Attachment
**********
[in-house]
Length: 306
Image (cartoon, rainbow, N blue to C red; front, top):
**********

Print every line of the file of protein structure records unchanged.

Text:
[in-house]
Length: 306
Image (cartoon, rainbow, N blue to C red; front, top):